A New Outlook on Ice Cloud through Sub-Millimetre-Wave Scattering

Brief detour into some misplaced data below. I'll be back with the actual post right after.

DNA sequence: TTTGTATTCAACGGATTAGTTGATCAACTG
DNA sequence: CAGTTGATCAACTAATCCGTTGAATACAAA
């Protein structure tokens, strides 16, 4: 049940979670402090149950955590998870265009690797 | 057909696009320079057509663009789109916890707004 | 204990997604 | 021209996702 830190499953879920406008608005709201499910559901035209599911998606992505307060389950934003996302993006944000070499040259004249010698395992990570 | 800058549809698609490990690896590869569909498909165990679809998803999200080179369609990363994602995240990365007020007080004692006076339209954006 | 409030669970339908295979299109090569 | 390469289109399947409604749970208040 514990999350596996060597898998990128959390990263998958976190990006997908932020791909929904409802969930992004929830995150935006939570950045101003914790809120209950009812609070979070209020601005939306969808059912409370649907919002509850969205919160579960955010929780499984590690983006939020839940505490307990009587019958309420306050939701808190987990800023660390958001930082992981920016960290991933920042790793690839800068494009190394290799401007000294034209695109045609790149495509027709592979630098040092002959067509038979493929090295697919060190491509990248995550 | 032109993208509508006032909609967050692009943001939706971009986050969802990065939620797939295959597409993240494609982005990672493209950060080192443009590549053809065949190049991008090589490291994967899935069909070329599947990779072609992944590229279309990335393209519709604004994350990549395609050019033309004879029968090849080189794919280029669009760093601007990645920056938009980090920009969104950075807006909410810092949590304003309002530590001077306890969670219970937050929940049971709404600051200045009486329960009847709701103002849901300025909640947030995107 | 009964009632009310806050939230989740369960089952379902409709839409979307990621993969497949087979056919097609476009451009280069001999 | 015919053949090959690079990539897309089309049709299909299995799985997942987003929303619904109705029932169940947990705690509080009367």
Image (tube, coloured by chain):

Scattering by atmospheric ice at sub-mm-wave frequencies is a challenge to both the cloud physics and light scattering communities owing to scattering at these frequencies being dependent on assumptions about the particle size distribution, ice crystal shape, orientation and size. Moreover, the scattering also depends on how the particle density is assumed to evolve with size. As there is as yet no prediction of a universal PSD or mass–dimension or density–dimension relationship, the modelling of ice crystals, so as to conserve the observed scattering and ice mass, is potentially problematic. In this presentation, the challenge presented by sub-mm-wave scattering is explored through the study of an ice cloud case using a new sub-mm spectral-like radiometer that was deployed on board an aircraft. Here, we evaluate the predictive quality of applying members from an ensemble model of cirrus ice crystals to modelling observed sub-millimetre brightness temperatures. The airborne straight and level near-nadir observations used here were from a case of ice cloud, which occurred during a winter period. The airborne microwave observations were obtained using the International Submillimetre Airborne Radiometer (ISMAR) , as the observations collected were at near-nadir we do not as yet consider polarisation. The ISMAR instrument has five central frequencies located between 118 and 664 GHz, with a number of sub-channels situated around some of the central frequencies to obtain spectral-like observations. The frequency selected for presentation is the 664 GHz “window” channel. This channel selection reduces uncertainties in modelling the gaseous spectroscopy, thereby enabling the scattering properties of members of the ensemble model to be more directly evaluated at this frequency. This is also the frequency that is most sensitive to assumptions about the ice crystal models and microphysics. The methodologies adopted for the calculation of the single-scattering properties of the ensemble model members at this frequency have been previously peer-reviewed and published [2, 3]. As such, this presentation concentrates on the application of these methodologies to the interpretation of the airborne ISMAR observations using a fast, state-of-the-art line-by-line radiative transfer model . Moreover, state-of-the-art airborne observations of particle size distributions (PSDs) were also collected from the ice cloud case. These in-situ PSDs, as well as an often used database of in-situ PSDs collected during the SPARTICUS campaign in 2010, are applied to the two most compact and spatial hexagonal ice aggregate members of the ensemble model. A further ice aggregate model, called the Voronoi model, forming a chain of polyhedral particles, constructed to follow an observed density–dimension relationship, was also applied so as to simulate the observations. From the in-situ PSDs, geometric optics-based power law relationships have been previously obtained between the ice water content and the bulk extinction coefficient . These same geometric optics-based relationships were estimated using the area–dimension power laws predicted by the ensemble model members and the Voronoi model. The best-fit ensemble model members to the observed power laws, and the Voronoi model, were applied in order to simulate the sub-mm-wave observations. Thus, we demonstrate consistency of model application from the limit of geometric optics (i.e. typically at visible wavelengths) to the sub-mm. In this presentation, we demonstrate a general overlap between the uncertainty in the radiative transfer simulations assuming the ensemble model members and the uncertainty in ISMAR brightness temperature observations at 664 GHz. However, portions of the straight and level runs were either simulated well with the compact aggregate model member or a three-component model, consisting of the two members of the ensemble model and the Voronoi particle, but never with one and the same model. Owing to the Voronoi model being the most spatial of all the models, this model simulated, to within the upper end of the experimental uncertainty, the ISMAR observations, but never the coldest observations at the highest sub-mm-wave frequency. However, if a different density–dimension relationship were to be adopted in the modelling of the Voronoi model that predicted higher mass values, then this should result in an improved agreement with the observations. It is as yet unclear as to which density–dimension relation is best to apply in general. These observations indicate changes in microphysics in terms of the mass–dimension profile and/or the size of the ice crystals and, therefore, represent a challenge to the global retrieval of ice cloud properties using the Ice Cloud Imager (ICI), which is due for launch around 2022. A further uncertainty is the assumed parametrised shape of the PSD. We also show in this presentation that the choice of PSD and ice crystal models are of equal importance in interpreting sub-mm-wave observations.  Fox, S et al., 2017: ISMAR: an airborne submillimetre radiometer. Atmos. Meas. Tech., doi:10.5194/ amt-10-477-2017.  Baran, A. J., et al., 2018: The applicability of physical optics in the millimetre and sub-millimetre spectral region. Part II: Application to a three-component model of ice cloud and its evaluation against the bulk single-scattering properties of various other aggregate models. JQSRT. 206, 68-80.  Baran, A. J., Hesse E., and Sourdeval O., 2017: The applicability of physical optics in the millimetre and sub-millimetre spectral region. Part I: The ray tracing with diffraction on facets method. JQSRT. 190, 83-100.  Havemann, S et al., The Havemann-Taylor Fast Radiative Transfer Code (HT-FRTC): a multipurpose code based on Principal Components, submitted to JQSRT (February 2018).  Fox, S et al., 2017: ISMAR: an airborne submillimetre radiometer. Atmos. Meas. Tech., doi:10.5194/ amt-10-477-2017.